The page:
[Note 3] The facts leave no room to interpret Dr. Franco's conduct as other than wilful in contrast to negligent action.

[Note 4] The Board informed the Francos by letter that it sought their participation at a Board hearing regarding the incident and its belief that it raised "concerns [of] [Dr. Franco's] use of his car and noxious and offensive conduct towards residents . . . which interfered with their right to have a safe and harmonious use and enjoyment of their unit and the common areas." Because of the result reached, we need not decide whether an activity is the same as conduct or whether "safe and harmonious use and enjoyment" is the equivalent to "rights, comforts or conveniences."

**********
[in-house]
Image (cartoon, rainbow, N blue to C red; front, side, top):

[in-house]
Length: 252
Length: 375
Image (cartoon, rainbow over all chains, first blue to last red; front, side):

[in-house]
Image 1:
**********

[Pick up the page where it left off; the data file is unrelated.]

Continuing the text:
[Note 5] While G.L. c. 183A, § 10(b) provides authority for fines to be deemed "common expenses," and G.L. c. 183A, § 6(a)(ii) allows for "the organization of unit owners" to enforce expenses for the "misconduct of any unit owner, or his family members" as common expenses, the By-Laws in this case were drafted more narrowly than § 6(a)(ii), by qualifying the misconduct as constituting permitted wilful or negligent activity.

[Note 6] We note that G.L. c. 231A, § 3 states that the court "may refuse to render or enter a declaratory judgment or decree where such judgment or decree, if rendered or entered, would not terminate the uncertainty or controversy giving rise to the proceedings or for other sufficient reasons."